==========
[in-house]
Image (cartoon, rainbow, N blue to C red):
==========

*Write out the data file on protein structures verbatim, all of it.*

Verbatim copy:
[in-house]
Image (cartoon, rainbow, N blue to C red):